Winter Garden Divorce Lawyer says “Bloom Where You Are Planted”
Bloom Where You are Planted
When my family moved from Pittsburgh to Orlando 30 years ago, I was out-of-my-mind
anxious. I feared what my new life held in store for me. My mom routinely told me that
we all have to “bloom where we are planted.” Being a kid, I didn’t have a choice but to
move and I made the choice to blossom into my new circumstance. I took her advice and
worked to make the best of the change.
No matter how much I talk to my orchid, conveying the same advice my mom gave to me, it
just doesn’t buy it. This picky and splendid plant spent about 5 years just surviving
along side the house under the shade of the oak. I decided to move it to a place along
the fence and under the shade of the jasmine. Miraculously, it began to form buds and I
had ten glorious blooms a few months ago. We cut the shade-providing jasmine back, it got
just a touch too much sun and now I’m trying to revive the plant back to its former glory.
I think we have the capacity to make bad situations better and we have the choice to see
the good in every situation. I do think it natural, however, to have an easier time
“blossoming” in some environments and situations than others. Just like the orchid.
When you decide to divorce, you may have a choice of the “environment” in which you are
“planted.” Depending on your circumstances and the relationship you have with your
soon-to-be ex-spouse, a fantastic alternative to litigated divorce exists: collaborative
Collaborative divorce is a non-litigated settlement process in which the spouses, lawyers,
a neutral mental health professional, and a neutral financial professional work together
to reach an interest-based settlement. The lawyers advocate for their clients, but do so
in a constructive, civilized manner. Everyone involved in the process must abide by a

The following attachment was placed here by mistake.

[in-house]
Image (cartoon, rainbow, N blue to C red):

contract which outlines behavior and communication.
My experience is that those who decide to “plant” themselves in this process have the
opportunity for personal growth, and yes, “blooming.” Unlike litigated divorce,
collaborative divorce gives spouses the opportunity to work toward a settlement, not
talking through their lawyers, but talking to each other. Extra-legal issues – those
“human issues” that are so often dismissed in a litigated case – have the space to be
expressed. More often than not it is these very human issues that are the stumbling block
to resolution. This process gives those issues room to be heard, so that all involved may
have a deeper understanding of the interests of each spouse. It can be quite enlightening
for all involved.
In the two cases I just finished, I have seen the overwhelming benefits of committing to
this process. My clients, both women, have come out on the other side smiling. Where
once there was uncertainty and trepidation, now lies confidence and hope. I happen to
adore these women and it gladdens my heart to see them doing so well after reaching a
settlement. I know these women will continue to blossom and look back on the experience
favorably. Neither experience was simple, or without tears, or without strong emotions,
but through the commitment of themselves, their spouse and the team, we reached resolution
If you are interested in having the possibility of a friendship – especially if you and
your spouse have children together – I enthusiastically recommend collaborative divorce.
At Grossman & Grossman P.A., A.J. and I are not only both trained in the collaborative
divorce process, but also hold Master of Laws degrees (“LL.M.”) from the number one ranked
dispute resolution program in the country, The Straus Institute for Dispute Resolution at
the Pepperdine School of Law. We feel blessed to offer this service to our clients and
look forward to helping you.
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Kiki Grossman is a family law attorney with the Winter Garden Florida law firm of Grossman & Grossman P.A. She holds a Master of Laws degree from the #1 ranked dispute resolution program in the United States, The Straus Institute at Pepperdine University School of Law. You can learn more about Kiki by visiting the Grossman & Grossman P.A. website